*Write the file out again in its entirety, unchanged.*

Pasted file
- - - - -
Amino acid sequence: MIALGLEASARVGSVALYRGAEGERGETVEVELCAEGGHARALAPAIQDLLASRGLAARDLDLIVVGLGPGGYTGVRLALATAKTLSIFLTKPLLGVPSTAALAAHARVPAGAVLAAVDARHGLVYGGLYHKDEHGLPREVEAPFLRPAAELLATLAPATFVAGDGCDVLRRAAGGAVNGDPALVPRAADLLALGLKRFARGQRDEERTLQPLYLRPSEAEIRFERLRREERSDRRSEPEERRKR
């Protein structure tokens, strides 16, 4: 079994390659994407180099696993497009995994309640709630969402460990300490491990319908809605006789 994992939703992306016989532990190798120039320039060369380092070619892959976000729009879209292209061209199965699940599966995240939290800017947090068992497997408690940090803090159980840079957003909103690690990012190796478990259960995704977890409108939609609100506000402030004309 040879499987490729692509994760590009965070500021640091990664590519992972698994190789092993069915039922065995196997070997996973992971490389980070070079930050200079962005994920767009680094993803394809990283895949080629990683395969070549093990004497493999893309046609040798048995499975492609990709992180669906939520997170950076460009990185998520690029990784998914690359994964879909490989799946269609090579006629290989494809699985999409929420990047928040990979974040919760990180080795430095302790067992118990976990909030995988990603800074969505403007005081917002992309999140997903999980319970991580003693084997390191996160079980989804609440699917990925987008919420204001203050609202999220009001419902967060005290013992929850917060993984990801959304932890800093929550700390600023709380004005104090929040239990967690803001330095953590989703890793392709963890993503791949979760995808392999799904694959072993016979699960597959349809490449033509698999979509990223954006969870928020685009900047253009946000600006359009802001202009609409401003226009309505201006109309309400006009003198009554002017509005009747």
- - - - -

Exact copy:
Amino acid sequence: MIALGLEASARVGSVALYRGAEGERGETVEVELCAEGGHARALAPAIQDLLASRGLAARDLDLIVVGLGPGGYTGVRLALATAKTLSIFLTKPLLGVPSTAALAAHARVPAGAVLAAVDARHGLVYGGLYHKDEHGLPREVEAPFLRPAAELLATLAPATFVAGDGCDVLRRAAGGAVNGDPALVPRAADLLALGLKRFARGQRDEERTLQPLYLRPSEAEIRFERLRREERSDRRSEPEERRKR
């Protein structure tokens, strides 16, 4: 079994390659994407180099696993497009995994309640709630969402460990300490491990319908809605006789 994992939703992306016989532990190798120039320039060369380092070619892959976000729009879209292209061209199965699940599966995240939290800017947090068992497997408690940090803090159980840079957003909103690690990012190796478990259960995704977890409108939609609100506000402030004309 040879499987490729692509994760590009965070500021640091990664590519992972698994190789092993069915039922065995196997070997996973992971490389980070070079930050200079962005994920767009680094993803394809990283895949080629990683395969070549093990004497493999893309046609040798048995499975492609990709992180669906939520997170950076460009990185998520690029990784998914690359994964879909490989799946269609090579006629290989494809699985999409929420990047928040990979974040919760990180080795430095302790067992118990976990909030995988990603800074969505403007005081917002992309999140997903999980319970991580003693084997390191996160079980989804609440699917990925987008919420204001203050609202999220009001419902967060005290013992929850917060993984990801959304932890800093929550700390600023709380004005104090929040239990967690803001330095953590989703890793392709963890993503791949979760995808392999799904694959072993016979699960597959349809490449033509698999979509990223954006969870928020685009900047253009946000600006359009802001202009609409401003226009309505201006109309309400006009003198009554002017509005009747």